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You're Afraid of Being Abandoned by Your Friends, Too

Your friendships can still be a place of refuge, but they cannot be the place of refuge. You must have more power over your peace than any other being outside of yourself and God.

As adults, we do not often reflect on why we are the way we are. We sort of just accept that we are the way we are, and we expect everyone else to fall in line and accept it too. I’ve made it a habit to reflect on why I am the way I am. Through self-reflection and therapy, I have realized that I have real life abandonment issues. Like most traumas, these are rooted in my childhood. Through having to move out of and into over twenty different places, losing my best friend/ grandad in second grade, then abruptly losing my dad temporarily (but for a long time) to jail when I was in third grade, and never feeling like I fit in – I brought those pains and beliefs into my adulthood. I’ve grown to accept that I have these abandonment issues, and for me, they aren’t just some humorous trendy relationship term – it’s my real life. I thought I’d only have to worry about the fear of being abandoned in my romantic relationships, but I’m starting to realize these fears are present in my friendships also.

I always felt a sting of rejection inside when I saw friends at outings that I wasn’t invited to. I never really understood why I felt like this. I did some reflecting, and it dawned on me. As a child, my friendships were a place of refuge for me. I felt like I finally belonged somewhere. My friendships were a place of peace and joy in the midst of the hostility and stress in my life as a child (going through things that children weren’t mentally or emotionally equipped to go through). When I wanted to escape, I fled to a friend’s house: Tiffany, Kenitha, Diamond, Desi’Rae, Bri and Tri. When I felt abandoned as a child, it was like they saved me from having to completely face what I felt. As an adult, my inner child still screams for that comfort – especially being that I’m still friends with many of my childhood friends. When I’m stressed, sad, angry, disappointed, unsure – I need my friends. That is why I feel so overly hurt and angry when I’m not invited. They are my refuge.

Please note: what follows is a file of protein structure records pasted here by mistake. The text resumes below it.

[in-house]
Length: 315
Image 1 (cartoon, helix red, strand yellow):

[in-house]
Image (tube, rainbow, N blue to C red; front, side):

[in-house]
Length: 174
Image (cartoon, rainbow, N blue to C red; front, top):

My abandonment traumas provoke panic and I begin to wonder is the friendship over, did I do something wrong to not be invited, did I say something, am I not as important of a friend to them as they are to me, am I not "cool" enough. However, I had to realize, this is no fault of my friends. Nor is it their responsibility to stabilize my emotions. As I am still healing, it is unfair to place the burden of my healing process on my friends. I must do the work myself to work through these feelings. I have to understand that I may not be invited to everything – and that is okay, and that does not determine the fate of my friendships. I also have to realize that I don’t have to overcompensate in friendship building by inviting everyone to everything. This is derived from the idea that the more friends I have, the less I’ll have to worry about being abandoned and the safer I’ll be. So, I created an “abandonment trigger plan” which is composed of three areas that I can focus on in my life when I feel left out or when I’m not invited. These can be applied to romantic relationships as well. The idea is to find peace in alone moments and to gravitate away from negative emotions that may provoke negative responses from you. Impulsive negative responses can damage genuine healthy friendships. Your friendships (and relationships) can still be a place of refuge, but they cannot be the place of refuge. You must have more power over your inner peace than any other being outside of yourself and God. So take a moment to reflect on the advice below of things you can focus on in times when you're alone.

Focus On Your Spirit

Moments alone are the best times to look within. Our spirit needs renewal daily. If we are always in the mix and never have any time to just be still, how can we repair our spirit from the injury that it endures daily. Take these moments alone to dive into your bible or life-guiding text of your choice. Take a moment to meditate and tap into the pain that you’ve suppressed. Give those areas some attention and care. Do yoga and take control back over your emotions. Journal: get those confusing emotions down on paper and address them. You will be surprised how much a renewed spirit can create balance in your life and help you heal deeper wounds of abandonment.

Focus On Your Creativity

Some of us have no idea what we like to do or what our natural gifts in which we’ve been blessed with. Time alone can be used to explore all that we are. Try new things alone to discover your gifts. If you already do know your creative likes and gifts, start a new project. Oftentimes, we allow our gifts and talents to go to waste as we try to be everything and everywhere at every time. Save some of that energy and put it towards creating something. Reignite the fire within and create something impactful and life changing.

Focus On Your Physical Health

We can always be healthier. Use your time alone to do things that make you stronger. Find workout routines or physically empowering activities that you enjoy. Train for a marathon. Try new healthy recipes. Put effort towards creating the best version of yourself and making your life better, so that your life will be so much more worth living. So much worth living, that you won’t feel like you have to be included in someone else’s life, for life to be worth living.



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